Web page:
The number of women receiving counselling has almost doubled, far exceeding our targets both in terms of women attending the service and sessions delivered. Most importantly, we know that the approach taken in these sessions make a difference. Women are better able to manage the issue they have presented with, can deal more effectively with troubles related trauma, are more resilient and can make better decisions.

Our team of counsellors, led so effectively and compassionately by Ann Mc Donald deserves our grateful thanks and recognition for the true professionalism and dedication they bring to the service and to Derry Well Women as a whole. For all of us, circumstances change and evolve and accordingly our needs change also. It is in recognition that this is part of life that Derry Well Women aims to look ahead to identify areas which merit future attention.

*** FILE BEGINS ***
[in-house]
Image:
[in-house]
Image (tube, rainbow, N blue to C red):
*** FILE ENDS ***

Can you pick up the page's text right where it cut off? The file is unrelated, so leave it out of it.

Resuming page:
Earlier in the year a workshop was held looking at the issue of frailty. This was a day characterised by typical enthusiasm and vigour where people thought and discussed widely around the whole issue of ageing and support for those most frail in our community. The result of our thinking that day has been another innovative partnership with the WHSCT and plans for the Namaste programme and research into the impact on carers of increased caring in the community. This programme will support dementia sufferers and their carers while the research element will look at the needs of people caring for those with chronic respiratory illness and enduring mental health conditions.